Betsy had pulled herself together a little like Eloise at the Ritz: a green mohair hat, with a curled-up brim, a slim-fitting black coat and ankle boots that laced up and tied. Kate looked like a revolutionary character out of Les Miz, with tattered scarves around her neck, pointed hats, steel-toed boots and long legs in lean Levis. Both of them were sensational.
Betsy drove. We hadn't seen each other in a while, and we talked about old times. We talked about the week she knocked off an A-plus Master's thesis while going through one of those midnight-madness boyfriend crises that young women fall prey to occasionally.
One day, when she was still living in Cincinnati, we were sitting at Kaldi's, drinking coffee and reading fashion magazines, and Betsy decided to enter an essay contest in Jane. It never occurred to me she'd win, but she never really doubted it. Indeed, she won a trip for two to Mexico for the Day of the Dead festival, plus a tidy sum of spending money. Her essay and photographs about Mexico were to be featured in a later edition of Jane, so we stalked the newsstands together waiting for the magazine to hit the street.
Kate would have been happier shopping at Home Depot, but otherwise our road trip was chaotic and unrehearsed, just as the best things in life always are.
My father used to say that a good trip just flows like paint from the brush of the painter, and certainly he was a good traveling companion.
We'd ride down that asphalt highway late at night toward Tennessee, trying to pick up the Grand Ole Opry out of the static that emerged from the radio periodically like thunder.
The day with Betsy and Kate was that kind of day: snug and cozy. The sun was shining. Betsy was driving, and I could look at Kate and swear she had lightning bolts shooting out of her eyes. She wore a wide silver band on her finger which could have deflected bullets, like Wonder Woman's bracelets.
Kate lives for the perfect shade of paint, a powerful drill and a good buzzsaw. She has gutted, rewired, re-plumbed and rebuilt her house on Milton Street -- with a little help from her friends -- until it looked like a pictorial spread from Architect's Digest. She's designed and made custom furniture for envoi on Main Street, and she's redesigning Kaffee Klatsch's space in the Mercantile Building downtown.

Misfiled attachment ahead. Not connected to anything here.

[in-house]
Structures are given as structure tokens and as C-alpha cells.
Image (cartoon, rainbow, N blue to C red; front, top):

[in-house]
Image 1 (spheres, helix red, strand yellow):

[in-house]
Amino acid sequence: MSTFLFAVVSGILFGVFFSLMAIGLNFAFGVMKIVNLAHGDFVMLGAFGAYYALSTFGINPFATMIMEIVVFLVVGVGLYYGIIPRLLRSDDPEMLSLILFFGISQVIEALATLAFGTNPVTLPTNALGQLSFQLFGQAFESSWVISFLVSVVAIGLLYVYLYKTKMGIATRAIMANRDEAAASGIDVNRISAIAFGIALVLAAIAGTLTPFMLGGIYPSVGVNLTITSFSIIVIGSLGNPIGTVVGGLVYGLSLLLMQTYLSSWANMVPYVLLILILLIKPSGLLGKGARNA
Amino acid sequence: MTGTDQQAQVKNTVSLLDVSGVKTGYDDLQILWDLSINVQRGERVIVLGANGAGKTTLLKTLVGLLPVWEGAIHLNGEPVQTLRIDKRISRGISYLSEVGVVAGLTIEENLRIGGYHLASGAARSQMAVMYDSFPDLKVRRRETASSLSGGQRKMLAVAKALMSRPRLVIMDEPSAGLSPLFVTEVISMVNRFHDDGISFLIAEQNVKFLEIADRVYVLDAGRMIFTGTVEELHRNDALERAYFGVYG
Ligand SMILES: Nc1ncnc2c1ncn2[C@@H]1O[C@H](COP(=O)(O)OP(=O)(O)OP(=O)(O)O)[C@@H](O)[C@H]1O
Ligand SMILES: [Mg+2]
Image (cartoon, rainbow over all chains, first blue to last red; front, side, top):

Everything in her life is freelance, though, and that's a constant uphill battle -- the health insurance, the Social Security taxes, giving estimates for jobs.
Today she wasn't worrying about it, though. The three of us took a spin through the hot new store, Anthropologie, with displays of limited amounts of clothing and household accessories, and through Origins, where we slathered on lotions and potions. We stopped in some place to have coffee, and I said, "What about P&G or advertising?"
"Culturally barren," Kate said.
"Why does what I make have to be used to sell a product?" Betsy asked.
They were both fair questions.
"Advertising is a tool for helping you choose," Bill LaWarre once said to me, and he's no slouch, having been an advertising legend and a Bluegrass musician for 25 or 30 years. With Coca Cola's recent donation of 50 years of product images to the Library of Congress, Andy Warhol is utterly vindicated: None of us can ignore the impact of advertising on popular culture.
As for P&G, I met Dirk Jager once and found him intellectually quick, imaginative and engaging. I also like Craig Wynett, another P&G client for whom I've done several parties with my Bluegrass band. I like Craig because of his voluble conversation and the way he sits right down on the floor, gets into it, gets real. Ad exec Dave Bukvic and I met at a Christmas party once, and he so bedazzled me with words I've never forgotten him.
On the drive home, I remembered how sophisticated Cincinnati had seemed to me when I first moved here. I would ride up the elevator at Gidding's at Christmas, brushing snowflakes off the collar of my good wool coat, and drink spiked eggnog on the third floor. Then I'd walk through the Arcade to Pogue's and its outrageously wonderful lingerie and cosmetics departments.
Kate and Betsy and I don't have cozy boutiques like Gidding's where we can browse and drink eggnog and be ladies. We're a global economy now. We go to Old Navy, and it's every woman for herself.
"Only connect," E.M. Forster said. "Only connect."
Maybe the city of Cincinnati ought to try going shopping more. Young, talented people are popping up like daffodils in the spring down here on the other end of town, and they won't stay long on the vine. They're not running lemonade stands, either. They're making the future.
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